Banana and Honey Teabread

Since Saturday or Sunday I’ve developed a horrid sore throat, and as I’m going to be rehearsing for a very full-on musical up to three times a week for the next two months, I thought I’d better do something about it asap. Consequently my new hot drink of choice is honey and lemon, which is the nicest way to soothe my poor croaky voice (in the mornings it drops about an octave – I sound like Arnie Schwarzenegger without the accent) and is by far preferable to Lemsip or anything similar – yuch.

I don’t often have honey in the cupboard so I thought I had better make the most of it by baking Mary Berry’s lovely Banana and Honey Teabread. As always, there were drastically overripe bananas in the house waiting to be taken pity on, and other than that this is a very simple recipe using standard (baking) cupboard ingredients. And if I can have cake that will ‘help’ my sore throat, why not?! Coincidentally, I was also reading a sequence of poems about bees today…it must be fate.

??????????

The loaf takes quite a long time to bake because the mixture is so wet, but the process beforehand is so quick that if you have ten minutes to spare then jobs to do, this is the bake for you! I’m coming over all poetic now, too much Yeats. For the topping Mary uses nibbed sugar, but apparently that’s quite hard to get – I’d never heard of it – so she suggests using crushed sugar cubes instead. Nick them from a tearoom, or alternatively leave your bag of sugar in a kitchen cupboard in a student house; it should clump up nicely in the damp. The other thing I really like about this cake is the addition of nutmeg – the flavour really comes through just enough for it to complement the honey but not overpower the banana. Yum!

Ingredients

  • 225g self-raising flour
  • 1/4 teaspoon grated nutmeg
  • 100g butter
  • 225g bananas (I used about 1 and 1/4 bananas)
  • 100g caster sugar
  • 2 large eggs
  • 6 tablespoons thick pale honey

Step 1. Sift the flour and grate the nutmeg into the mixing bowl. Rub in the butter with your fingers til the mixture looks like fine breadcrumbs.

Step 2. Peel and mash the bananas separately, then add these, the sugar, eggs and honey to the flour and butter and mix it all together thoroughly. ??????????

Step 3. Turn into a loaf tin (greased and lined if not non-stick) and bake in a pre-heated oven at 160C/Gas Mark 3 for about 1 and 1/4 hours, or until a skewer poked into the centre of the cake comes out clean.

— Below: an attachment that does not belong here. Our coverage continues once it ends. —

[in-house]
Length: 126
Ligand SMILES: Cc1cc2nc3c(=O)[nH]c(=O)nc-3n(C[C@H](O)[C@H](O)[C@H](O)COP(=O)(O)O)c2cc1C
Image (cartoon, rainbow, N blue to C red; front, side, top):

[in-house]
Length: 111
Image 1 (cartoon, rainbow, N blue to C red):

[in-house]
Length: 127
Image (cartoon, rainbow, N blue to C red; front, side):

Step 4. Leave to cool in the tin for a few minutes, then turn out and finish cooling on a wire rack.

Step 5. If you want to add a topping, warm 2 tablespoons of honey in a pan then brush over the teabread when cold. Sprinkle with the nibbed/crushed/damp clusters of sugar and serve. This should keep for a good five days I reckon in an airtight tin.

**Notes**

I would almost be tempted to add a teaspoon or so of baking powder to this recipe as the cake didn’t rise much at all, making it denser than it needs to be – its already quite a heavy cake with the moisture from the banana and honey. I think I’ll be making this again fairly soon though, as I didn’t quite get the actual baking part right, starting off at too high a temperature. In that case I’ll edit the post and let you know of any improvements, or on the flip side, if adding baking powder is really disastrous advice. The other thing I should mention is that Mary’s recipe includes the grated rind of one lemon; I omitted this because I didn’t have a lemon whose rind I could grate, but also wasn’t sure if the citrus here was really necessary. I have a sneaking suspicion that Mary is somewhat biased towards them; lemon drizzle is reportedly her favourite cake, and lemon zest or juice does seem to make an appearance in a considerable number of her recipes in the Baking Bible. We’re onto you, Mary!

That’s all I think, as I said the recipe may be tweaked in the next few weeks so if you’re planning on making it do comment with your suggestions/hang on til I’ve done some trial and error! Back tomorrow with a food fact for the day, thanks for reading 🙂

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